John Mavros

Regardless of the number of employment law best practices a hotel successfully embraces, one factor can be a strong indicator for future litigation – a problematic, underperforming employee. Therefore, one the best ways to protect your hotel from litigation is to hire right at the outset. In the chaos of peak season, it may be tempting to impulsively hire the first application for help received; however, hiring is a process that should not be rushed. An employee who fails to meet performance expectations or mesh with the hotel's company culture, not only can create a toxic environment at work for other employees but will likely harbor resentment which frequently motivates litigation. READ MORE

Dana Kravetz

Way back when, on June 10, 1963, then-President John F. Kennedy signed the Equal Pay Act into law – a bold piece of legislation that amended the Fair Labor Standards Act and requires that men and women be given equal pay for equal work within the same establishment. Fast-forward fifty-plus years, and it's apparent that work remains to be done. Today, females in the workplace earn 80% less than white men, with women of color faring much worse. And while the hospitality industry performs better than the national average in terms of the gender pay gap, disparities remain that must be stamped out once and for all. READ MORE

John Mavros

Many turn to Starbucks for a caffeinated wakeup call every morning. However, given a recent court ruling, Starbucks now serves as a wakeup call for employers who need to improve their timekeeping practices. This article examines the landmark California Supreme Court decision in Troester v. Starbucks, which illustrates just how important it is to capture every minute that an employee works - even time that seems short and trivial, or also known as "de minimis." This article will explore the lessons learned from Starbucks and further outline best timekeeping practices that all hotels should consider implementing to avoid an employment wage-hour lawsuit. READ MORE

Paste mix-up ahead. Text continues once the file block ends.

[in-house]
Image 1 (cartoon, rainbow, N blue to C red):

Steven D. Weber

A trademark can be a recognizable sign or design that defines a brand. Protecting that trademark can be crucial to a hospitality player attracting guests and maintaining a competitive edge. A hospitality player's success may lead to imitation from competitors. That imitation may lead to infringement of a hospitality player's trademark. Protecting any trademark should be a priority for hospitality players. Failing to protect a trademark can lead to waiving rights and claims that a hospitality player may use to enforce its trademark rights. Hospitality players should seek to understand whether any threats exist to their trademark rights and take appropriate action in response to those threats. READ MORE

John Mavros